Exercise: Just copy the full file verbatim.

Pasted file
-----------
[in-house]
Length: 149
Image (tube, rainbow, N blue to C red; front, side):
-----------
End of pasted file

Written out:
[in-house]
Length: 149
Image (tube, rainbow, N blue to C red; front, side):